The value of AI-driven data in the travel industry ecosystem will rise in 2020

travel industry landscape

Whether or not air and rail companies have ever thought of the data they collect as an “ecosystem,” they have long shared data — from security information to passenger itinerary data — with affiliated travel authorities and companies to smooth the traveler experience and improve the ability of the workforce to respond.

In the coming months, the value of that ecosystem is about to rise to another level.

The increasing value of data in the ecosystem – made even more potent by AI – is one of the top five trends expected to affect the workplace, according to 2020 Technology Trends and the Future of Work by DXC’s CTO Dan Hushon. For the travel industry, the growing value of data in the travel industry ecosystem is a trend that stands out.

Data-driven MRO

Travel and transportation organizations – airlines, passenger rail, mass transit, freight & logistics and ports – rely on maintenance, repair and overhaul operations (MRO), as well as Enterprise Asset Management (EAM), to keep billions of dollars of assets in service, but the systems they’ve relied on in the past haven’t been able to keep up with their evolving needs. That’s changing.

Data-driven, digital MRO systems that feed information and status updates into the broader company ecosystem will help employees make agile equipment and staffing decisions. This will enable workers in the maintenance facilities to predict with greater accuracy when service is required, improving asset and staff utilization and reducing the potential for expensive equipment-related delays.

New MRO systems are evolving from predictive maintenance to self-sensing. The next step we’ll start to see is self-repairing components, such as engines.

Data will boost the value of ecosystems further

AI systems require large amounts of data in order to make meaningful recommendations.  While one company may not have enough data, an ecosystem of shared data between companies can provide much larger amounts of data. This will allow enterprises to share collected data in order to provide better analytics and recommendations using AI.  For example, airlines can share sources of parts and their experiences with suppliers — such as the quality of a part and delivery time – with each other.  This will enable the organizations to obtain much needed parts faster.  This shared information results in improved efficiency of the ecosystem, as airlines depend on each other for connections and cancellations.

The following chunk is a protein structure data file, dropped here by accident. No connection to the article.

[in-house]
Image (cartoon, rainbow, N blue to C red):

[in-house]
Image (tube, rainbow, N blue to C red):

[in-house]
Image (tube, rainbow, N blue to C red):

Workplace impact

Data will fundamentally change the workplace.  Human knowledge and experience is now codified in systems. This is like having Google available to complete your tasks.  As computers become more capable of performing rote tasks, humans are freed to focus on cognitive and creative tasks, and this in turn will increase the value of the employee.

The impact of AI and data-driven technology on the travel and transportation industry ecosystem over the coming months and years won’t always be directly observable, but its effect will be noticeable. Improved asset utilization, fewer equipment-related delays and expenses, and a smoother end-to-end customer travel experience are just a few of the benefits that passenger rail, mass transit organizations and airlines can expect to deliver in the very near future.


Ash Kumar HeadshotAsh Kumar is a Chief Technologist in the Travel, Transportation & Hospitality industry with over 20 years of experience applying technology solutions to solve business problems for clients

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